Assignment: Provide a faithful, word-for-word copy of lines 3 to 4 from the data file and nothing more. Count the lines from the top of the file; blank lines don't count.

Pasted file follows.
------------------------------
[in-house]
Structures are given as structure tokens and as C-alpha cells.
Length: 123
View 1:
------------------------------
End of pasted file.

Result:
Length: 123
View 1: